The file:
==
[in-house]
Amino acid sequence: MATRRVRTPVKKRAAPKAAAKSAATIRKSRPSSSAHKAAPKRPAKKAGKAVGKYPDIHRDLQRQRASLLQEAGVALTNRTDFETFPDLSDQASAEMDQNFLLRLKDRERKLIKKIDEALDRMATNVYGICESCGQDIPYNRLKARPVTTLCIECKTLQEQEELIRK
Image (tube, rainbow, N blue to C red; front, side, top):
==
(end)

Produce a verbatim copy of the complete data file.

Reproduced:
[in-house]
Amino acid sequence: MATRRVRTPVKKRAAPKAAAKSAATIRKSRPSSSAHKAAPKRPAKKAGKAVGKYPDIHRDLQRQRASLLQEAGVALTNRTDFETFPDLSDQASAEMDQNFLLRLKDRERKLIKKIDEALDRMATNVYGICESCGQDIPYNRLKARPVTTLCIECKTLQEQEELIRK
Image (tube, rainbow, N blue to C red; front, side, top):